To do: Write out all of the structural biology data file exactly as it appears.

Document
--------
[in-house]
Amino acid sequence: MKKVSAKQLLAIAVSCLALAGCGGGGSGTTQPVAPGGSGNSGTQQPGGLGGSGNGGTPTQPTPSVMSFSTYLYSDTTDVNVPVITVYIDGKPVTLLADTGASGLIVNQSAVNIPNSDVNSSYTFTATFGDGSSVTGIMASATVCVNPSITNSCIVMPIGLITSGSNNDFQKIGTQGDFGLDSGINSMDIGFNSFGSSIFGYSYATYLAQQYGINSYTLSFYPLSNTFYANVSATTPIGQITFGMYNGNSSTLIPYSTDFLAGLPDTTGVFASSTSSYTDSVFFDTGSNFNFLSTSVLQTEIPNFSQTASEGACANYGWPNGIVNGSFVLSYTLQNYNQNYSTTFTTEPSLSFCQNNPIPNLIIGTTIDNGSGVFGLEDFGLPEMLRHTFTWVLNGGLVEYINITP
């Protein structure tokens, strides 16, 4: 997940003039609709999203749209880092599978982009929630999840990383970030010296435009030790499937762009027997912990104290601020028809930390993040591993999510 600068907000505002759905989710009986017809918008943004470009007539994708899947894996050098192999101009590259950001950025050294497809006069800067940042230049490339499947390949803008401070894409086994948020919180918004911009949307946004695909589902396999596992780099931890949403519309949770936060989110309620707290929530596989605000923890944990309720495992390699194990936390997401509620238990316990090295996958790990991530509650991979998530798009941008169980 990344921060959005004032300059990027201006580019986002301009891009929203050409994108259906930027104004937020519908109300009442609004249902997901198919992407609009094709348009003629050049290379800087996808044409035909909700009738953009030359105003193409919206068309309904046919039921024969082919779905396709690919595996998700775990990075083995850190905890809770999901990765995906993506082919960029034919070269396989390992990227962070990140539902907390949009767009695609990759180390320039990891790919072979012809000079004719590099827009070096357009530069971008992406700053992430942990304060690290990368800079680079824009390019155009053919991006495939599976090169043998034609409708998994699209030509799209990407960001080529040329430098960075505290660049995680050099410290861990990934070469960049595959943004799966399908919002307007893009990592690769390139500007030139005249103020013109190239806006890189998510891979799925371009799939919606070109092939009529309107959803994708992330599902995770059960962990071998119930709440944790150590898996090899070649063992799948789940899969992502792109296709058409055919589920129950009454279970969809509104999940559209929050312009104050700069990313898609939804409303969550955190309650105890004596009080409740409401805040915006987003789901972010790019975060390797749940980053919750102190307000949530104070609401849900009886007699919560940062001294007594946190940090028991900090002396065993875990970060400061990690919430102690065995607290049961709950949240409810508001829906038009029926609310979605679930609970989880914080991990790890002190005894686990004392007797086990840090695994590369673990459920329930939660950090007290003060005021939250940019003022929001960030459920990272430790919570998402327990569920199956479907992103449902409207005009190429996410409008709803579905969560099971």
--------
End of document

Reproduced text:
[in-house]
Amino acid sequence: MKKVSAKQLLAIAVSCLALAGCGGGGSGTTQPVAPGGSGNSGTQQPGGLGGSGNGGTPTQPTPSVMSFSTYLYSDTTDVNVPVITVYIDGKPVTLLADTGASGLIVNQSAVNIPNSDVNSSYTFTATFGDGSSVTGIMASATVCVNPSITNSCIVMPIGLITSGSNNDFQKIGTQGDFGLDSGINSMDIGFNSFGSSIFGYSYATYLAQQYGINSYTLSFYPLSNTFYANVSATTPIGQITFGMYNGNSSTLIPYSTDFLAGLPDTTGVFASSTSSYTDSVFFDTGSNFNFLSTSVLQTEIPNFSQTASEGACANYGWPNGIVNGSFVLSYTLQNYNQNYSTTFTTEPSLSFCQNNPIPNLIIGTTIDNGSGVFGLEDFGLPEMLRHTFTWVLNGGLVEYINITP
């Protein structure tokens, strides 16, 4: 997940003039609709999203749209880092599978982009929630999840990383970030010296435009030790499937762009027997912990104290601020028809930390993040591993999510 600068907000505002759905989710009986017809918008943004470009007539994708899947894996050098192999101009590259950001950025050294497809006069800067940042230049490339499947390949803008401070894409086994948020919180918004911009949307946004695909589902396999596992780099931890949403519309949770936060989110309620707290929530596989605000923890944990309720495992390699194990936390997401509620238990316990090295996958790990991530509650991979998530798009941008169980 990344921060959005004032300059990027201006580019986002301009891009929203050409994108259906930027104004937020519908109300009442609004249902997901198919992407609009094709348009003629050049290379800087996808044409035909909700009738953009030359105003193409919206068309309904046919039921024969082919779905396709690919595996998700775990990075083995850190905890809770999901990765995906993506082919960029034919070269396989390992990227962070990140539902907390949009767009695609990759180390320039990891790919072979012809000079004719590099827009070096357009530069971008992406700053992430942990304060690290990368800079680079824009390019155009053919991006495939599976090169043998034609409708998994699209030509799209990407960001080529040329430098960075505290660049995680050099410290861990990934070469960049595959943004799966399908919002307007893009990592690769390139500007030139005249103020013109190239806006890189998510891979799925371009799939919606070109092939009529309107959803994708992330599902995770059960962990071998119930709440944790150590898996090899070649063992799948789940899969992502792109296709058409055919589920129950009454279970969809509104999940559209929050312009104050700069990313898609939804409303969550955190309650105890004596009080409740409401805040915006987003789901972010790019975060390797749940980053919750102190307000949530104070609401849900009886007699919560940062001294007594946190940090028991900090002396065993875990970060400061990690919430102690065995607290049961709950949240409810508001829906038009029926609310979605679930609970989880914080991990790890002190005894686990004392007797086990840090695994590369673990459920329930939660950090007290003060005021939250940019003022929001960030459920990272430790919570998402327990569920199956479907992103449902409207005009190429996410409008709803579905969560099971």